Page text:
When I think of grieving, I think of pain and sadness. I think of my stomach in knots, tears flowing uncontrollably and a broken heart. Joy has no place in grief at first glance.
To me, grief is like a precious vase or plate that shatters into pieces. You look at all of your feelings and pieces of love and wonder how you can ever repair it—it feels destroyed.
Life isn’t perfect and we will all experience loss and grief. It is something we all will share at some time or another. For some of us, it may be an animal we have loved like a child, for others it may be a parent, sibling or even a child. My friend Susie Krabacher, who runs an orphanage in Haiti, is losing children she has raised by the hundreds because of the earthquake. There is no joy in these losses.
Joy, for me, came when I could let the loss of my brother (to suicide) change me. I make a decision that the trauma I felt in not having him be a part of my life, in wondering what I could have done to help him, in being the one to have to tell my parents..had to be something I honored his life with. He would have hated it if I had crawled in a hole and let it destroy me. He ended his life, he didn’t end mine. I decided that I needed to find ways to love and remember him as the beautiful soul that he was.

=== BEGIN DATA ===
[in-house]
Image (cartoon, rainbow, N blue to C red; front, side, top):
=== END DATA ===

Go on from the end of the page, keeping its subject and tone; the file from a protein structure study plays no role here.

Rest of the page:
So I did. I thought about him, prayed about him; when I’d see a movie or go somewhere I thought he’d love, I would talk to him in my heart about it. While sadness was always there when those moments came up, joy began to creep in as well. It’s as if the missing of him became part joy because it brought him closer to me.
There are no quick fixes or formulas to pain or grief or loss. What may work for one person, may not for another. What I think the focus should be is: How do we honor and remember the loved one who left? Find ways to do that and see if there can be a form of joy in doing that.